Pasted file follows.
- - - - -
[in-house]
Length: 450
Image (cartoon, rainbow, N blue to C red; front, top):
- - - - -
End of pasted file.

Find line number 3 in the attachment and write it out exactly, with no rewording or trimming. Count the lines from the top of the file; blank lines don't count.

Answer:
Image (cartoon, rainbow, N blue to C red; front, top):